When I first started imagining this release I was trying to think of a female vocalist that would compliment the material. There are a number of women performing Noise/Industrial Noise type music these days but I didn’t feel like any of them quite fit what I was envisioning and trying to convey/achieve. And then I remembered Harriet (Military Position) over in nearby Australia. She’s creating harsh but interesting music, I like her vocal delivery style and the themes of her music and visual stage aesthetic is actually similar to what Debbie was doing. It was quite interesting upon initially contacting her about the project because she said she was actively re-visiting the M/SR catalogue!  I reckon some things are just meant to be. As we are both huge fans of MS/R, the collaboration couldn’t have been better as we both seemed to be on the same page throughout the process in terms of sound design and direction. I would send mostly structured pieces to Harriet which she thought were quite good. Then she would work her magic deconstructing them and adding vocals and send them back to me, to which I would say this is really fucking good! And the whole album seemed to flow beautifully like that. A real pleasure to work with Military Position.   

The last vinyl that I've heard you're working on is a 7" with Athan Maroulis from Noir. Details on this one are scarce from what I've seen; can we get any information on that or is that all hush-hush?  

Artemis:  Ha, well it’s not hush-hush but I suppose we are both keeping it a bit low key at the moment. The 7” will be a few covers of punk and proto-punk songs — I’ll leave it at that for now without revealing which songs/artists we are covering. We’ve completed one of the tracks and the other 2 are in progress. We’re trying to capture the intensity of the originals, so we haven’t altered them drastically by making them more electronic sounding; however, in keeping with the spirit of old punk music we have made them a bit noisier. The tracks are fairly stripped down but at the same time we think we’ve done enough that they are fairly dance/club friendly. We also have Sean Haezebrouck drumming on one of the tracks for us. He was in Batterie:Acid, a Detroit tribal industrial band from the 90’s. More recently he’s filled in drumming for part of Black Needle Noise’s American tour so it’s great to have him aboard. We think people will really enjoy this release and we are all very excited about completing it.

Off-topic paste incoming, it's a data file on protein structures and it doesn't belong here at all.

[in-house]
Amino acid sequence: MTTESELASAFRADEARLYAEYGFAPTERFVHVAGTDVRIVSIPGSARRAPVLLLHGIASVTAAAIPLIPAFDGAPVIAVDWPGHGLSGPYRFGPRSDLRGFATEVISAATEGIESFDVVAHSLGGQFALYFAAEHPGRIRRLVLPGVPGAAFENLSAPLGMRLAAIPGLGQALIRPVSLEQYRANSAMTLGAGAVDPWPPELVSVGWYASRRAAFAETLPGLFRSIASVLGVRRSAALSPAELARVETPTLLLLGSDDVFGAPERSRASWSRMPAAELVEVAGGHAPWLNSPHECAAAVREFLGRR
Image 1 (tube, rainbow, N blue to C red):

Aside from all of that, you've had an album release this year via HumanHood Recordings titled "Dreams Of A Mad Titan". What is this album about? From the cover art and the title, it sounds like it was inspired by Greek mythology.  

Artemis:  I started working on Titan in 2017, which was originally inspired by the activity of NASA’s Cassini space probe. It was transmitting amazing photos and sounds of Saturn and its many moons, the most notable among them being Titan. The concept was to incorporate Cassini’s audio recordings into an album, which feature throughout the release. The album explores deep space: Saturn and its moons, of course, but also the vast cosmos beyond the outer planets. It’s about the neutrality of the Universe offering both the creation and destruction of cosmic bodies equally.  


That being said, I believe that most people are aware the moon Titan refers to the Old Gods preceding the Olympians; many of Saturn’s moons are named after the Titans. The Titan Cronus is also equated with the Roman God Saturn—so yes, in that sense there is a thin connection to Greek Mythology; however, the title Dreams Of A Mad Titan was inspired by the old mythos and conjured up many wonderful memories of tales I read as a child. My early imagery revolved around Saturn and Titan but Humanhood label owner Thaniel Lee created the final artwork for the release, which is beautiful and really compliments the album. He chose to focus on the mythology aesthetic and I’m happy with that.